“Keystone XL Campaign: Lessons from Behind the Scenes” is a piece below that Kenny Bruno shared with me recently. His reflections are worth getting a cup of coffee and taking in the long read. No one will capture everyone’s individual experience working to stop Keystone XL, because each person came from a different place and a different perspective. The beautiful thing about this unlikely alliance that beat the Big Oil industry is despite differences of geography, party affiliation, or culture, we came together with unshakable solidarity.
Keystone XL Campaign: Lessons from Behind the Scenes
By: Kenny Bruno
The Keystone XL pipeline, according to one of the world’s foremost oil industry experts, is “probably the most famous pipeline in the history of the world, and it hasn’t even been built…” It was the target of the largest acts of civil disobedience around an environmental cause in decades. Fifteen Native Americans rode on horseback for about 350 miles of the route. Another native organizer drove the entire US portion of the route at least twice, and had a vision that it would be rejected. Tribal leaders petitioned President Obama to reject it, and presented an anti-Keystone tipi in his honor as a gift to the Smithsonian Museum of the American Indian. In Texas, two protestors locked themselves inside the pipe and others lived in trees above it for over two months. Politico ran hundreds of articles mentioning the pipeline, per year. Willie Nelson and Neil Young sang in opposition to it. Mary Landrieu unsuccessfully staked her Senate career on it and Mitch McConnell made it the first priority of the 114th Congress.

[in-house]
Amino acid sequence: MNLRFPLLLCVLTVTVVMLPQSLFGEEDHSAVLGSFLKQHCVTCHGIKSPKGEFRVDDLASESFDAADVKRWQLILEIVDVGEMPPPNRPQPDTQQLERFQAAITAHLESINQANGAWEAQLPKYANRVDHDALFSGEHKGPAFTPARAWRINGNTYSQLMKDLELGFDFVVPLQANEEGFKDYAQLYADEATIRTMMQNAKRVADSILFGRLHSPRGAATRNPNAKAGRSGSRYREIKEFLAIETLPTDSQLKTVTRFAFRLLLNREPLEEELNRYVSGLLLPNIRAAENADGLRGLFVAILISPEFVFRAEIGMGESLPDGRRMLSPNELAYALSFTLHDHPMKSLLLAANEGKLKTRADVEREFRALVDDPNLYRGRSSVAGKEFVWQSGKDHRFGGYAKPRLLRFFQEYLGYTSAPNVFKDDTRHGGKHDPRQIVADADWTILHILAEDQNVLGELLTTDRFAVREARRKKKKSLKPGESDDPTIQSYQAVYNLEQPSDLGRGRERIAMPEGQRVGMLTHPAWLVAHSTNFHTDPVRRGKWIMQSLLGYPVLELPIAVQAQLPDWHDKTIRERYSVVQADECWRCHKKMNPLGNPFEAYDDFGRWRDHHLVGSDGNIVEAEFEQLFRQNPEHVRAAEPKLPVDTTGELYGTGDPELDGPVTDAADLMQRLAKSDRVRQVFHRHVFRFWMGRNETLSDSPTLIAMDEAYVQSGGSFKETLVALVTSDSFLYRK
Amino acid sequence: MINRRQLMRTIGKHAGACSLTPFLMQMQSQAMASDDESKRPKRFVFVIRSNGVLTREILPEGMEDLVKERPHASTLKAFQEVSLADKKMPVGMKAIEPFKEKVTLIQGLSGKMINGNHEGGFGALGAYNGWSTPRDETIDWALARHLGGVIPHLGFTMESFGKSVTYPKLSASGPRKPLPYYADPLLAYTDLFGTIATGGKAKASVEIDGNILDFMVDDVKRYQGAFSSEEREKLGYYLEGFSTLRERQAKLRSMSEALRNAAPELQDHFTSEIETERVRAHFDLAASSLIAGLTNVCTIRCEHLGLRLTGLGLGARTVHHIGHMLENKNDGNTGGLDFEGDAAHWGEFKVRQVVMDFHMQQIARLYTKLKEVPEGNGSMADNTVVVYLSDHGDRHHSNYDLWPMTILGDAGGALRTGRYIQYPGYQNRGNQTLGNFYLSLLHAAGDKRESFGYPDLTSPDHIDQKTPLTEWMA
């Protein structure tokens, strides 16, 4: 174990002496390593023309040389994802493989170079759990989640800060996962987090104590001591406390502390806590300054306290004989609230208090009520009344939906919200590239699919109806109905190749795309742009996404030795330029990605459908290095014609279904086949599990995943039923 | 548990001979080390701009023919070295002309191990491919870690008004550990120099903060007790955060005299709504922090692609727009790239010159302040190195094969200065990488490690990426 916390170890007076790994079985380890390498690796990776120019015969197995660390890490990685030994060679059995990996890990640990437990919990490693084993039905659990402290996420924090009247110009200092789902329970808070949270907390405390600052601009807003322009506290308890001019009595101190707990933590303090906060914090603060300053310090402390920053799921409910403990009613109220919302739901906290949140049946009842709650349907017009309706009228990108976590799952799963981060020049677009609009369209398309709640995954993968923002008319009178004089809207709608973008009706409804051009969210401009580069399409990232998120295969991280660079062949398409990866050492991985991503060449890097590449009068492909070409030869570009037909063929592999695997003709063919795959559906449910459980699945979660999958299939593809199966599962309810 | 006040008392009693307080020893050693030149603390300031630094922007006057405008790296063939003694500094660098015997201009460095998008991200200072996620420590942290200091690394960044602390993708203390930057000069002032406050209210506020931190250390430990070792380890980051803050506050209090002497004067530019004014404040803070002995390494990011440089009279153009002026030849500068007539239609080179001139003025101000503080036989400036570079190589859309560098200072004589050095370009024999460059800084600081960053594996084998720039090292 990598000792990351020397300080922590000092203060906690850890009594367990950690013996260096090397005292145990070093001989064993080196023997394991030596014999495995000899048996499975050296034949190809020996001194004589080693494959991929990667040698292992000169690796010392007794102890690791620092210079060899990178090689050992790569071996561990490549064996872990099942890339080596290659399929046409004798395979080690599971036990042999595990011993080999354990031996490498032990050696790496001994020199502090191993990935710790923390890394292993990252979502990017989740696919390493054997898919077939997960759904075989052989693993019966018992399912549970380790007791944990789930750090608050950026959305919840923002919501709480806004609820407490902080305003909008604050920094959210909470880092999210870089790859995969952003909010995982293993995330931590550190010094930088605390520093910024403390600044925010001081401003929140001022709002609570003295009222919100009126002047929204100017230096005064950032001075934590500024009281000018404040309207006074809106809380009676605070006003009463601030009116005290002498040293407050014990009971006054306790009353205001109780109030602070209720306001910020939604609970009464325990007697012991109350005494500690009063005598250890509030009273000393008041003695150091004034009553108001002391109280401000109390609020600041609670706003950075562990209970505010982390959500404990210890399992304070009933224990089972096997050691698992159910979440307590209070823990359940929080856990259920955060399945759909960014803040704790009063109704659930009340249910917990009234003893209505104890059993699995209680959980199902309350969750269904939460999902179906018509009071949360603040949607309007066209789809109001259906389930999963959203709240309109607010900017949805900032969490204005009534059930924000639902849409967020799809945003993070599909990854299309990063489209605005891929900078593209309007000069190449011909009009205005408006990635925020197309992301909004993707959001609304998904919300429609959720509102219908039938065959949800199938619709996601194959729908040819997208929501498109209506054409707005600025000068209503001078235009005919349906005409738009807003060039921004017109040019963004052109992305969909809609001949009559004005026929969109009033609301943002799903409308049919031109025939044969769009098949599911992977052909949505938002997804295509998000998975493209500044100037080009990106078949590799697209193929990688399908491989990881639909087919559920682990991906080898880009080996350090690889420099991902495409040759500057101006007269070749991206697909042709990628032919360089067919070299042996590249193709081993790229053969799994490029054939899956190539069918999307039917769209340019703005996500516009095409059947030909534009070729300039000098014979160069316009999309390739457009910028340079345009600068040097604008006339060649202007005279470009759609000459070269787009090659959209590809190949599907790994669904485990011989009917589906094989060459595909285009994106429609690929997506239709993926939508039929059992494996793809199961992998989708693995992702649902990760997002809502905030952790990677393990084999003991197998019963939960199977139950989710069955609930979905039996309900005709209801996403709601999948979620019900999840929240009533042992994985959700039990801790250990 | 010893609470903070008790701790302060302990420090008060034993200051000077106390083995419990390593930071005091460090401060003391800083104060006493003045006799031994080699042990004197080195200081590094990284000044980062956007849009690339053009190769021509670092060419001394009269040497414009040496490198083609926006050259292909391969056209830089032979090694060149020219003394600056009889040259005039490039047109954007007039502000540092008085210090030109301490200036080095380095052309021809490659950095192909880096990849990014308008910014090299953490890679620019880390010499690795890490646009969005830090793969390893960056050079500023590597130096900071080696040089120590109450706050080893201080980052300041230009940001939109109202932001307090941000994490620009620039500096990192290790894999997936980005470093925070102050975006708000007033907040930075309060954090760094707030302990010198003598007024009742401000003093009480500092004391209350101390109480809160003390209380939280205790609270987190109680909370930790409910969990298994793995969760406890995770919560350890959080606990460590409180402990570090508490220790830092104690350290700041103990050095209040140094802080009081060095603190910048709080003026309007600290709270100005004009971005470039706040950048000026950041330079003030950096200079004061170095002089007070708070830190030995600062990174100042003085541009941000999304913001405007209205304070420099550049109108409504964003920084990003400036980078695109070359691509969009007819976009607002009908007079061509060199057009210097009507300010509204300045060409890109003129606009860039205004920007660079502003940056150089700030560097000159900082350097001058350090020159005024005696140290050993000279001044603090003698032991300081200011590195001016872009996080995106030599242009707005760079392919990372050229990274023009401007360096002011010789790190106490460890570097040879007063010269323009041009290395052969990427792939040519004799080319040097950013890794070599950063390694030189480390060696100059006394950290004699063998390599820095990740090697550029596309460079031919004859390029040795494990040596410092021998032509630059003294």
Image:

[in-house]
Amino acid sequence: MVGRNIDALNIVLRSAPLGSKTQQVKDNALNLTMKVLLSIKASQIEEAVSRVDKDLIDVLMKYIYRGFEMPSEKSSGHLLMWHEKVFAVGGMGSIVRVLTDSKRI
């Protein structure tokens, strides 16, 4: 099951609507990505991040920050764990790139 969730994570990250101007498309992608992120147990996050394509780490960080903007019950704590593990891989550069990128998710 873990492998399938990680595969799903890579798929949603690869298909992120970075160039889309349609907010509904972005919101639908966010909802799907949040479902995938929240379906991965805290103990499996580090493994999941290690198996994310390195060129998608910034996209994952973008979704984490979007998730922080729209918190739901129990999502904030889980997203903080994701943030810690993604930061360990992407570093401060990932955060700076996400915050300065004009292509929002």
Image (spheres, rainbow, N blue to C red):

What are the lessons of this epic, underdog environmental campaign?
Take on the most destructive project on earth, whether the odds are in your favor or not.
In 2008 a group of philanthropists and environmental campaigners, were trying to figure out how to restrain the rapid and reckless expansion of the tar sands industry in Alberta, which Environmental Defence Canada had dubbed the Most Destructive Project on Earth. We set up an informal group of advisors from Canada and the US, all dedicated to reforming and restraining this industry. Our analysis showed that Keystone XL, more than any other project, would spur its growth and profitability. We chose Keystone XL not because it was a likely success but because we had no choice. Keystone was always a worthy campaign, but the catch was we were probably going to lose. Our adversaries were the Government of Alberta, Government of Canada, the most powerful industry on earth, the entire Republican Party and about half the Democrats. That’s why the second part of the lesson is make sure you are building the movement even if you lose.
Listen to your critics, but not too much.
Writers normally sympathetic to climate action, like dot earth’s Andrew Revkin, Bush-hater Jonathan Chait and even Earth Island Journal scolded us for choosing the wrong campaign. A senior lobbyist for a major green group walked out of a strategy meeting muttering, “this town [Washington, DC] will never reject oil from Canada.” We were called dumb, destructive, well meaning but missing the point, preposterous, and more. Our most vicious critics thought we were crazy, and sympathetic critics felt we were losers. But we weren’t trying to predict the future; we were trying to change it.
Sometimes you have to forget “framing” and just have a good old-fashioned debate.